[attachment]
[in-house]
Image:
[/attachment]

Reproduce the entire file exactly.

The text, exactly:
[in-house]
Image: